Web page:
The cruelest truth of parenting: If you do it right, they leave.
I’d done my reading. I knew that from the moment I got that baby in my arms, my job was to prepare her to go. I understood. I’d done it myself, to my own mother. So I concocted a foolproof evasion.
As our eldest approached adolescence, I created an adventure so adventurey that it would foil the designed entropy of human development.
When our kids were five, nine, and twelve, we moved to a tiny mountain town in Costa Rica. For the obvious reasons—slow down, step outside consumer culture, blah, blah, blah. I wanted to live a life a little less obsessive Type A, and for our family to spend less time at practices, more time together.
The plan was clearly brilliant. In our new world, our kids were more a team than they’d ever been back home.
“You guys will not believe how milk works here!” Hannah, Harry, and five-year-old Ivy burst in from a mission to the grocery store, where they had discovered giant, metal silos. Strictly local and straight from the town’s dairy, the silo milk could be dispensed into a vessel of our own choosing. We’d never experienced milk that had been, so recently, encowed.
The early weeks were filled with such marvels, shared among ourselves. We were all we had.
In no way did I intend “I want us to be closer as a family” to translate to “Let’s take our adolescent daughter to a place where she can’t speak the language and knows no one; then she’ll have to stick with us.” But the fact remains: Speaking no Spanish, we moved to Central America, and to a house so isolated you had to walk ten minutes to find another person. Hannah was almost 13 — time to fly, little bird — but I had her now.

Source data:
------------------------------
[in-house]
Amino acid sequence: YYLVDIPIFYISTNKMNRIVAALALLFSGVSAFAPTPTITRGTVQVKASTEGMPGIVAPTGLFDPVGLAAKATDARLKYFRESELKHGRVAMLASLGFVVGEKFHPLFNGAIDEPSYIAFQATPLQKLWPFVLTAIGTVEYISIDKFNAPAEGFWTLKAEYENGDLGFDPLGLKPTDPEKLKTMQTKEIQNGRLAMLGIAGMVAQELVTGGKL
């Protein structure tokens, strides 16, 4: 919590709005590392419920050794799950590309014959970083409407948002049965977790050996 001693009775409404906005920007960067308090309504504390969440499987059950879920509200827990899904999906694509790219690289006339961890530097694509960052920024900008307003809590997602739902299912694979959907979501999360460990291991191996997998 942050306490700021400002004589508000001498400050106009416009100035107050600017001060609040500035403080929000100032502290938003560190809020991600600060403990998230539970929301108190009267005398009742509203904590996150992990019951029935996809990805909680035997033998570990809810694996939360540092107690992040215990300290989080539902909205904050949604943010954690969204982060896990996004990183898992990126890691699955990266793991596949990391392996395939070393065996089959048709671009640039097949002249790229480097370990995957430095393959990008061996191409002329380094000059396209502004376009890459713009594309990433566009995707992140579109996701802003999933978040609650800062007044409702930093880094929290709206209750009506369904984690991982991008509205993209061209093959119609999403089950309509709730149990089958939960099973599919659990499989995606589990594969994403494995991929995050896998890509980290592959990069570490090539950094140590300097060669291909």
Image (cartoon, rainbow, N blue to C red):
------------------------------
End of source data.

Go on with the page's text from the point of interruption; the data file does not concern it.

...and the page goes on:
And then, without warning, she vanished.
My own teenage disappearing act had been strictly by the book: into friends and football games and anyone- is-more-exciting-than-my-parents. As an adult, I thus assumed that adolescent separation required a destination—a world to separate to.
But we were strangers in a strange land and Hannah had no not-us destination. She disappeared in place.
Our rented mountaintop house was built by people who liked each other, who wanted to be able to chat no matter what else they were doing. Kitchen, living, and dining rooms were all one inviting space. Sliding doors to the wraparound deck opened wide, erasing the distinction between inside and out. It was a little like living in a sidewalk café. Everything about our house was about being together within it.
Hannah’s loft bedroom was the sole exception, its own little world. Her space came complete with tiny bathroom and its very own picture windows from which to gaze at the sweeping view. She claimed her loft with wonder. “How can I know this is what I always wanted, when I’d never seen it until now?”
The space was a perfect match for the other thing Hannah had always wanted.
“I have so much time here…I can read anything …”
Hannah made her bedroom, this lovely top-floor viewpoint from which you could see the world, into an escape from it. In this house that was designed around being together, Hannah found a way to be apart. She turned 13 up there, moving into solitude as if it were some kind of destiny; it didn’t have the feel of a phase.